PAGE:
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Government unveils plan to overhaul tipping practices

Posted: 29/09/2021

Many hospitality workers earn the national minimum wage or national living wage and rely on tipping to top up their income. However, businesses can add a discretionary service charge onto customers’ bills and research has shown that many businesses keep part or all of these charges instead of passing them onto staff. 

As we have moved towards a cashless society and there has been an increase in card payments, it has become easier for businesses to keep such funds. According to the Government, 80% of all UK tipping happens by card and businesses have the choice of whether to keep it or pass it onto workers.

This could soon change. In 2016, the Government launched a Consultation on Tipping, Gratuities, Cover and Service Charges. On 24 September 2021, the Government unveiled its plans to make it illegal for employers to withhold tips from workers and confirmed it will legislate to prevent employers making any deductions from tips received by their staff, other than those required by tax law.

This move is estimated to help around 2 million people working across the hospitality, leisure and services sectors where tipping is common practice and can form a large part of their income. Customers will also know that tips are going in full to workers and not businesses.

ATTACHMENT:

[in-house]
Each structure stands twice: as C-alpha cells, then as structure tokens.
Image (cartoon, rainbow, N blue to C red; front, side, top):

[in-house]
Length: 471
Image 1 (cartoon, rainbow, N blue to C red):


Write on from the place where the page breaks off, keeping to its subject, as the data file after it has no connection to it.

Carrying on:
The legislation will include the following:

  1. a requirement for all employers to pass tips onto workers without any deductions, including administrative charges, other than those required by tax law;

  2. requirements for employers to distribute tips in a fair and transparent way, with a written policy on tips and a record of how tips have been dealt with;

  3. employers will be able to distribute tips via a tronc i.e. a special pay arrangement that lets businesses in the hospitality and leisure sector fairly distribute staff tips, gratuities and service charges. A tip must be dealt with no later than the end of the month following the month in which it was paid by the customer;

  4. a requirement to have regard to the Statutory Code of Practice setting out how tips should be distributed to ensure fairness and transparency. This Code will be developed in partnership with workers and employers;

  5. new rights for workers to make a request for information relating to an employer’s tipping record. This will enable workers to bring a credible claim to an employment tribunal. Employers will have flexibility in designing and communicating a tipping record but should respond within four weeks; and

  6. if an employer breaks the rules, they can be taken to an employment tribunal and be required to compensate workers, often in addition to fines.

The legislation will be included in the forthcoming Employment Bill and the Government expects the rules to commence no earlier than one year after the Bill has passed.

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